Abstract 119: Cardiac Transcription Factor EB Sumoylation Deficiency Exacerbates Age-associated Reduction In Autophagy
Background: Aging-dependent decline of autophagy contributes to cardiac dysfunction and ischemic intolerance. Transcription factor EB (TFEB) is a master transcriptional regulator of the autophagy-lysosome pathway. The present study aimed to characterize the role of TFEB in the autophagic decrease with aging.
Methods and Results: We analyzed age-associated autophagic changes in male C57BL/6 young (4-6 mo) and aged (22-24 mo) mice. The results demonstrated that TFEB expressed predominantly as a SUMOylated form in cardiomyocyte nuclei and this SUMOylation of TFEB declined in aged heart associated with autophagy reduction. Interestingly, SUMOylation of TFEB was unaffected by rapamycin. Rapamycin induced translocation of TFEB into nucleus but lower level of nuclear TFEB in aged hearts than that seen in young hearts (P<0.05). SUMO1 downregulation by adeno-associated-virus-mediated small hairpin RNA (rAAV9-shSUMO1) significantly reduced nuclear TFEB levels (P<0.05), depressed cardiac autophagy and accelerated cardiomyocyte contractile dysfunction with worse hypoxia/reoxygenation (H/R) injury (all P<0.05). Therefore, impaired SUMOylation decreased nuclear TFEB during aging. By contrast, SUMO1 restitution significantly augmented nuclear SUMOylated TFEB with enhanced autophagy and ultimately reduced infarct size in aged heart. However, knockdown of cardiac TFEB blocked the protective effect of upregulation of SUMO1 in aged hearts, resulted in decline of autophagy and worse in vivo I/R injury.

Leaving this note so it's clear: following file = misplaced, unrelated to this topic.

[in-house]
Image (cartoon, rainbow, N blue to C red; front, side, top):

Conclusions: The present study newly demonstrates that SUMOylation is a critical post-translational modification that regulates cardiac TFEB. Impaired SUMOylation of TFEB aggravates decline of autophagy in the senescent heart. Targeting SUMO1 may provide a novel therapeutic strategy for the treatment of aging-related loss of cardioprotection.
Author Disclosures: H. Ma: None L. Zhang: None L. Yu: None Y. Li: None.
- © 2014 by American Heart Association, Inc.